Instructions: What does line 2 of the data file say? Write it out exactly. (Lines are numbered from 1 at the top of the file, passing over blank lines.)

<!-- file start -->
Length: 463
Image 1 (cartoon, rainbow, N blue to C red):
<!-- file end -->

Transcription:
Image 1 (cartoon, rainbow, N blue to C red):